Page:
Israel's call-up of over 75,000 reservists and visible signs of a buildup of ground forces near the Gaza border made many analysts beleive that a ground offensive was coming soon, but the November 21 ceasefire took effect prior to any ground invasion.

On November 21, the Egyptian Foreign Minister, Mohamed Kamel Amr, and U.S. Secretary of State Hillary Clinton, announced a that a ceasefire between Hamas and Israel had been reached. The ceasefire, which took effect on November 21, ended the fighting and set Israel and Hamas to negotiate. According to the text of the ceasefire agreement, both sides will negotiate "opening the crossings and facilitating the movements of people and transfer of goods and refraining from restricting residents’ free movements and targeting residents in border areas and procedures of implementation" after the ceasefire holds for 24 hours. In the hours after the agreement, a dozen rockets were launched from Gaza, but all landed in open, unpopulated areas.

During this short 8-day war, Hamas and Islamic Jihad fired 1,456 Iranian Fajr-5, Russian Grad rockets, Qassams and mortars into Israel. The IDF records more than 1,450 air, tank, and warship strikes against targets in the Gaza Strip during the Operation Pillar of Defense.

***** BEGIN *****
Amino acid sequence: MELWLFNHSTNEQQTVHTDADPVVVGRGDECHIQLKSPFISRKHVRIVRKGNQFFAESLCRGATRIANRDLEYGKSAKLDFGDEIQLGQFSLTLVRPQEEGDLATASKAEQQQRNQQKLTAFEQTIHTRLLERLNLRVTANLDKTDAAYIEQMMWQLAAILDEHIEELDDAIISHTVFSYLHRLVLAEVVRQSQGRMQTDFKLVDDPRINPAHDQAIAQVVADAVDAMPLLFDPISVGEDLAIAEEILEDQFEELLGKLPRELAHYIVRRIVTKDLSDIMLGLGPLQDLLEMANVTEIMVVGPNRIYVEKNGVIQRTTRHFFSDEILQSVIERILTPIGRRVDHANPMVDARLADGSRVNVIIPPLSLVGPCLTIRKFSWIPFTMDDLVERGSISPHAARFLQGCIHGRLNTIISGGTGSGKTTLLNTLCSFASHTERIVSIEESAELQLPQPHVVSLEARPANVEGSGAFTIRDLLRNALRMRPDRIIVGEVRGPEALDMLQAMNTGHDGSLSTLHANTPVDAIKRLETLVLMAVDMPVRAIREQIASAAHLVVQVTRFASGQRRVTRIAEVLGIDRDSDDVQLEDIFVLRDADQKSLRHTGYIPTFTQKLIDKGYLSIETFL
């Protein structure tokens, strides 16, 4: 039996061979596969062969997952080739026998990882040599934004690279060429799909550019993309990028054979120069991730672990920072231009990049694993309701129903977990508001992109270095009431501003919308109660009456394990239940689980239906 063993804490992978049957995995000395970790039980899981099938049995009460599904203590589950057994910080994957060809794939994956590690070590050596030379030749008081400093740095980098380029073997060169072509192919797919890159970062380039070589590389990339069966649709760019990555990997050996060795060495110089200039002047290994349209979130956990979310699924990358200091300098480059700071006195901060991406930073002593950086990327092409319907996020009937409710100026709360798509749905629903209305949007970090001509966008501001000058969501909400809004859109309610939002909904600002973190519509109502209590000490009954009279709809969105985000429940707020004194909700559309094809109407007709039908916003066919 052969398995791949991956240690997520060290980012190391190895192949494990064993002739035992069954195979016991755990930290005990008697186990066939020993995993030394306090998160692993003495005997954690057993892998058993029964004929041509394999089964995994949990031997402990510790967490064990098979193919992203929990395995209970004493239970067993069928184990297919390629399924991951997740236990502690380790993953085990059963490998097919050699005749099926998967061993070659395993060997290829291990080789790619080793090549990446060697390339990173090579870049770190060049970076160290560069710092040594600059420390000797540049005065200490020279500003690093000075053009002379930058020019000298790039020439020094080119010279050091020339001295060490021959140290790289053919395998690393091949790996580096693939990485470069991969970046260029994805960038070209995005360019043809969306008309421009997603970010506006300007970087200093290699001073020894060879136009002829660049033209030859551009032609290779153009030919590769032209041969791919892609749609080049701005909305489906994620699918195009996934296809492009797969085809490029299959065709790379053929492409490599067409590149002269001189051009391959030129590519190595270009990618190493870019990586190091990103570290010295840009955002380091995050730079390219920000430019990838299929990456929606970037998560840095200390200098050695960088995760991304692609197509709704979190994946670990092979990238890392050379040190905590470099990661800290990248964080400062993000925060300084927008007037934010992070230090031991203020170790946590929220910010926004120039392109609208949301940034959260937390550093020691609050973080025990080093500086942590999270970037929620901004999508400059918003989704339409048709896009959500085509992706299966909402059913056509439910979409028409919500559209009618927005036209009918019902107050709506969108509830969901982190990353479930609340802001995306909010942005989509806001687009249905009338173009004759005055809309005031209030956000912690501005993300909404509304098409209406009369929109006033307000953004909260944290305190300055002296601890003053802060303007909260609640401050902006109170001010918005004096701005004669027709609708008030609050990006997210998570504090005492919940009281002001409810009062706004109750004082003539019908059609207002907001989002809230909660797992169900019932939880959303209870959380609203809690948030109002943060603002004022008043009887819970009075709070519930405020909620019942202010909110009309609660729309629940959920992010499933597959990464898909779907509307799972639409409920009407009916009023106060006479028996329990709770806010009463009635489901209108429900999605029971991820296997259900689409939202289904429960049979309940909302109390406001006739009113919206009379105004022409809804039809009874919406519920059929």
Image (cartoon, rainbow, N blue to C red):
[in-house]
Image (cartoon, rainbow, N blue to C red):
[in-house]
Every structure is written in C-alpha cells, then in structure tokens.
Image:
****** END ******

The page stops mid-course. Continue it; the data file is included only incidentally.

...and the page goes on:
Images and Pictures of the 2012 Gaza War:

Israel's Iron Dome Defense

Israel's Iron Dome Rocket Defense System in Action

 

 Gaza War 2012 Casualties:

Israeli Casualties: (as of 11.16.12)

6 dead (2 soldiers, 4 civilians)

240 wounded

 

Palestinian (Gaza) Casualties: (as of 11.17.12)

133 dead (79 Hamas fighters, 53 civilians, and one policeman)

840 wounded

* Not included in the official casualty list are 8 Palestinians executed by Hamas without trial for alleged collaboration with Israel

 

Gaza War Sources and Links:

Israel Broadens Bombing in Gaza to Civilian Sites--NYTimes, Nov. 17, 2012

LIVE BLOG: Israel launches military operation in Gaza--Haaretz newspaper